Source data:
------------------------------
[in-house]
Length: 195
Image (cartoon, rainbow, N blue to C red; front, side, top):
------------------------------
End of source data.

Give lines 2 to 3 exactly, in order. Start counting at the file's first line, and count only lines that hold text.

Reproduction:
Length: 195
Image (cartoon, rainbow, N blue to C red; front, side, top):